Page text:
Every once in a while, I hear someone making comments about the strength of things like long passwords.
For example, if you have a 255 character password that just uses the 26 roman upper and lower case letters, plus the numeric digits. That means that your password has 62^255 possible values, if you can try a million million passwords per second, the time required would exceed the heat death of the universe.
Wow, that’s cool – it means that you can never break my password if I use a long enough password.
The odds are very good that something in the system’s going to take your password and apply a one-way hash to that password – after all, it wouldn’t do to keep that password lying around in clear text where an attacker could see it. But the instant you take a hash of a secret, the strength of the secret degrades to the strength of the hash.
It’s another example of the pigeonhole principle in practice – if you put N+M items into N slots, you’re going to have some slots with more than one entry. The pigeonhole principle applies in this case as well.
In other words, if the password database that holds your password uses a hash algorithm like SHA-1, your 62^255 possible character password just got reduced in strength to a 256^20 possible value hash. That means that any analysis that you’ve done on your password doesn’t matter, because all an attacker needs to do is to find a different password that hashes to the same value as your password and they’ve broken your password. Since your password strength exceeds the strength of the hash code, you know that there MUST be a collision with a weaker password.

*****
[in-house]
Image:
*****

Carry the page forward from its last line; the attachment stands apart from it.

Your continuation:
The bottom line is that when you’re calculating the strength of a password, it’s important that you understand what your password looks like to an attacker. If your password is saved as an SHA-1 or MD5 hash, that’s the true maximum strength of your password.
To be fair, 256^20 is something like 1.4E48, so even if you could still try a million million passwords per second, you’re still looking at something like a million million years to brute force that database, but 256^20 is still far less than 62^255.